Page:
Bosnian museum of wartime childhood helps heal trauma

Fri Jul 8, 2016 6:41am EDT
Email This Article |
Share This Article
  • Facebook
  • LinkedIn
  • Twitter
| Print This Article | Single Page
[-] Text [+]

By Dado Ruvic

ZENICA, Bosnia (Reuters) - Bosnians whose childhood was traumatized by the 1990s war have donated thousands of cherished personal items from that era for a touring exhibition aimed in part at warning others about the folly of conflict.

The original plan was to open a permanent War Childhood Museum in the capital Sarajevo in August. But when the site chosen by the museum's founders was ruled out by municipal authorities in favor of a fitness club, the project embarked on a cross-country tour.

The traveling museum features more than 2,800 exhibits, including toys, letters, photographs, diaries and humanitarian food packaging, with accompanying texts in both Bosnian and English. For Wider Image story, click on

"It all started when I put online a simple question: What does childhood in war mean for you?" Jasminko Halilovic, a 27-year-old economist spearheading the project, told Reuters.

"We have the idea to expand the museum's scope and start collecting memories from other conflict zones so as to create a universal exhibition that would serve as a warning against new wars," Halilovic said.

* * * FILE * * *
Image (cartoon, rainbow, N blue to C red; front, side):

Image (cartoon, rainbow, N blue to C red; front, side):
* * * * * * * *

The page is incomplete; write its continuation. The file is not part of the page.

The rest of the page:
In 2013 he published War Childhood, a collection of wartime memories of his generation. The book was translated into several languages and helped Halilovic connect with other compatriots in Bosnia and abroad who went through the death and destruction of the 1992-95 war involving Serbs, Croats and Bosniak Muslims.

"Many people preserve wartime items, they still connect memories from the war with these objects and have an urge to share their experience and that's where the idea for the museum came from," Halilovic said.

The War Childhood Museum aims to investigate, exhibit and educate and Halilovic said donating personal possessions that people had associated with wartime had a "cathartic effect".   Continued...

An Adidas cap is seen at the Bosnian War Childhood museum exhibition in Zenica, Bosnia and Herzegovina, June 21, 2016. REUTERS/Dado Ruvic